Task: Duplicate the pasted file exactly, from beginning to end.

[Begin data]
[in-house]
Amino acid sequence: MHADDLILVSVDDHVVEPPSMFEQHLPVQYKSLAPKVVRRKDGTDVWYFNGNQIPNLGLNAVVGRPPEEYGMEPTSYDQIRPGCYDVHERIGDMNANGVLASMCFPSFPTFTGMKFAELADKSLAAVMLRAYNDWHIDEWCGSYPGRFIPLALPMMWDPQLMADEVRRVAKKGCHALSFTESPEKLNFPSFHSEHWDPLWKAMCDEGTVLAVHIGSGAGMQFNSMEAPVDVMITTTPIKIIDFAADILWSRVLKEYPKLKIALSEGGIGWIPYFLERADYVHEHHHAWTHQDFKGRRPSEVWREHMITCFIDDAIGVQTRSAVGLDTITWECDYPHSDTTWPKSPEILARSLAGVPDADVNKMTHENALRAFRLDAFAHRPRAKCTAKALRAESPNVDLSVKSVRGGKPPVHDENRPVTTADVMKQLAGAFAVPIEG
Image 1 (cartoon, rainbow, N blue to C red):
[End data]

[in-house]
Amino acid sequence: MHADDLILVSVDDHVVEPPSMFEQHLPVQYKSLAPKVVRRKDGTDVWYFNGNQIPNLGLNAVVGRPPEEYGMEPTSYDQIRPGCYDVHERIGDMNANGVLASMCFPSFPTFTGMKFAELADKSLAAVMLRAYNDWHIDEWCGSYPGRFIPLALPMMWDPQLMADEVRRVAKKGCHALSFTESPEKLNFPSFHSEHWDPLWKAMCDEGTVLAVHIGSGAGMQFNSMEAPVDVMITTTPIKIIDFAADILWSRVLKEYPKLKIALSEGGIGWIPYFLERADYVHEHHHAWTHQDFKGRRPSEVWREHMITCFIDDAIGVQTRSAVGLDTITWECDYPHSDTTWPKSPEILARSLAGVPDADVNKMTHENALRAFRLDAFAHRPRAKCTAKALRAESPNVDLSVKSVRGGKPPVHDENRPVTTADVMKQLAGAFAVPIEG
Image 1 (cartoon, rainbow, N blue to C red):